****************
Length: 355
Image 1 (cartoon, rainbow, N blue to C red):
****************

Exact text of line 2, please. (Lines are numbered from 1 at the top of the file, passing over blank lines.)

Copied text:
Image 1 (cartoon, rainbow, N blue to C red):